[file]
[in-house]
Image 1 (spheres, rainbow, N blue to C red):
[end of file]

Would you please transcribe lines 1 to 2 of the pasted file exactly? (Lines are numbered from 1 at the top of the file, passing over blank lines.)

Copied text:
[in-house]
Image 1 (spheres, rainbow, N blue to C red):